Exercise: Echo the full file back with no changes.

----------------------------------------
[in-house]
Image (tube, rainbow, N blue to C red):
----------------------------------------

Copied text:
[in-house]
Image (tube, rainbow, N blue to C red):